Substantial Damage – You Have Questions, We Have Answers
Cleighton Smith, PE, CFM
Taylor Wiseman & Taylor
Why Are We Doing This?
The National Flood Insurance Program (NFIP) was created in 1968 to allow for previously unavailable flood insurance policies to be written in communities that agreed to adopt and enforce a Flood Damage Prevention Ordinance. The key principles were, and still are:
FEMA requires communities to perform damage assessments after a flood for all structures in their floodplain. If the damages are estimated to be “substantial”, meaning the cost to repair to the pre-flood condition is greater than 50% of the market value of that structure, the structure is required to rebuild in such as way as to meet requirements for new construction. If this process were universally applied, we would not have a repetitive loss problem in the NFIP today.
Whose Job is It?
It is the primary responsibility of the Floodplain Manager, however he or she may use whatever tools, mutual aid agreements, consultants available to them to carry out this work. FEMA recognizes this can be a large undertaking and has created a Desk Reference to be used for this work: https://www.fema.gov/sites/default/files/documents/fema_nfip_substantial-improvement-substantial-damage-desk-reference.pdf.
How Do I Do It?
The actual calculations are facilitated by software created by FEMA found here. This tool can be used to generate damage estimates based on post-flood field work. Data needed are type of foundation, type of building, depth of flooding above the ground outside the house, depth of flooding above the first floor, location of various utilities that serve the building and the estimated extent of damage of these. Checklists can be developed for use by the field team. The software tool has an accompanying field workbook, which is very helpful in developing these estimates. These estimated damages are used to compare with the building’s market value. Tax records are useful, because they separate the building value from the land value (the substantial damage calculation is based on building only, not land value). The damage estimate is divided by the building value to obtain a percentage; if it is over 50%, the building is considered substantially damaged. The Substantial Damage Estimator (SDE) software does a great job of gathering this information and generating a one-page summary sheet to be attached to a letter to the property owner.
What is the End Product?
The substantial damage (SD) letter is the most important part of this process. It typically is a one-page letter, with two paragraphs. The first states that building at this address has been substantially damaged and gives the basis for that determination (e.g. SDE software, community tax records, etc.). There should be a sentence stating that his is an estimate and they have the opportunity to submit actual repair data, which could revise this determination. The second paragraph focusses on what this means to the homeowner. To obtain a new Certificate of Occupancy, the reconstruction must meet current design standards. This paragraph might have information about what steps they should take if they want to be bought out, or information on filing for Increased Cost of Compliance (ICC) if they plan to elevate. Lastly, there should be a point of contact for the recipient of the letter to contact if they have questions (and they will!). The letter should be signed by a high-ranking community official (mayor, administrator, etc.). The one-page summary from the SDE software needs to be attached.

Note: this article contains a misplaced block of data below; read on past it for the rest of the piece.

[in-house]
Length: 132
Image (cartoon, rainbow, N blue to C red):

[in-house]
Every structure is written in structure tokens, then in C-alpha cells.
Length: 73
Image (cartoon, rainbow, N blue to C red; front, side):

What Does This Mean for the Property Owner?
It depends on the property owner. If they are interested in a buyout, it might prioritize them ahead of others. SD structures can receive waiver of a Benefit-Cost analysis for some FEMA grant opportunities. If they choose to elevate, and they have NFIP flood insurance, they can obtain an extra $30,000 on their insurance, through ICC coverage. The SD letter is a key document the insurance company needs to release the ICC funds. If they believe they are under the 50% threshold, they can submit actual repair bills. One thing to keep in mind, however – if the homeowner did the work himself or herself, we need to factor in the true cost as is a contractor did the work. The same is true of any donated materials.
Is That It?
These are some of the basics of the SD process. One question that comes up is why is one community doing them and not the neighboring community that was hit by the same flood? That is not so easily answered. The process is a basic NFIP community responsibility. However, it is not always the top enforcement priority of FEMA and State NFIP staff. Another item worth noting -- for Community Rating System (CRS) communities, there are credit points involving the SD process. Creating an SD plan (pre-populating the SDE software with properties in your community floodplain), modifying your ordinance to arrive at the SD threshold sooner, either by adding together past storm (cumulative damages), or by lowering the threshold below 50% are credit-worthy activities. See the CRS Manual for more information.
If you have any questions about the SD process or the SDE software, contact the author at email@example.com.
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